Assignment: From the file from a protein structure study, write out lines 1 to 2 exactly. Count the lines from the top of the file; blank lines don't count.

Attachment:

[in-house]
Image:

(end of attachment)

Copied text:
[in-house]
Image: